The White House and federal health officials are standing by the decision to announce the plans for COVID-19 booster shots for many Americans back in August ahead of the Food and Drug Administration’s (FDA) and Center for Disease Control and Prevention’s (CDC) approval for the extra doses.
The announcement issued by eight top government doctors on Aug. 18 notes clear evidence the COVID-19 vaccine effectiveness decreases over time and reveals a plan to roll out booster shots in response. The Biden administration then laid out plans to begin giving booster shots to more Americans starting Sept. 20.
The FDA’s Vaccines and Related Biological Products Advisory Committee (VRBPAC) met Friday morning to discuss whether booster doses will be recommended. It voted 16–3 against providing the booster for most people, but recommended it for those over 65 years old and those at high risk. The CDC Advisory Committee on Immunization Practices (ACIP) will hold a two-day meeting next week to make its recommendation.
The decision to make the announcement in August has raised questions of whether the White House and the Department of Health and Human Services (HHS) put undue pressure on the regulatory agencies to approve boosters by making the potential need for a third dose public.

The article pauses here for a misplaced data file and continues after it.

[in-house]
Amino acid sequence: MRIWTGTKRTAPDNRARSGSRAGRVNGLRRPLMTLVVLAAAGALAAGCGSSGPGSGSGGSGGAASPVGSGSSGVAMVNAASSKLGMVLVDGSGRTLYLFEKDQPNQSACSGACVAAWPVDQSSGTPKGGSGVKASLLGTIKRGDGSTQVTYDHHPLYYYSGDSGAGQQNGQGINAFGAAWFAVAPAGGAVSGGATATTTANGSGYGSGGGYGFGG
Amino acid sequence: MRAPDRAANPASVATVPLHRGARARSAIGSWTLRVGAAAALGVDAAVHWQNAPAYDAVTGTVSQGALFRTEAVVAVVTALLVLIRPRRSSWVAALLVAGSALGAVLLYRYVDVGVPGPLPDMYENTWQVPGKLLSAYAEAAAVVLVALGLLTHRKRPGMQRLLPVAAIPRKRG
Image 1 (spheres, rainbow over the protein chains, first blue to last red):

U.S. Surgeon General Dr. Vivek Murthy said Friday the announcement was made for two reasons: transparency and planning.
“If we saw a signal that indicated to us that protection was starting to wane and that additional shots might be required, that we would be transparent and open to the public about that,” said Vivek, adding, “You want to roll out booster shots to the population. You can’t flip a switch and make that happen overnight. There’s important planning that needs to take place.”
The White House also backed the August announcement this week when press secretary Jen Psaki told reporters: “Our objective is to be prepared should all of this process move forward. It’s always been pending the approval of the ACIP and the FDA.”
The recent resignation of top vaccine officials within the FDA seems to suggest stark disagreement within the regulatory agency on the plan to roll out booster shots. Dr. Marion Gruber, the director of the FDA’s Office of Vaccines Research and Review, and her deputy, Dr. Philip Krause, announced late last month their plans to leave the FDA in October and November.
The two were co-authors on a paper released this week in the scientific journal The Lancet saying that booster shots may only be appropriate for certain at-risk populations.
The article reads, “although the benefits of primary COVID-19 vaccination clearly outweigh the risks, there could be risks if boosters are widely introduced too soon, or too frequently, especially with vaccines that can have immune-mediated side-effects … If unnecessary boosting causes significant adverse reactions, there could be implications for vaccine acceptance that go beyond COVID-19 vaccines. Thus, widespread boosting should be undertaken only if there is clear evidence that it is appropriate.”
Officials say there is plenty of supply of boosters should they be approved.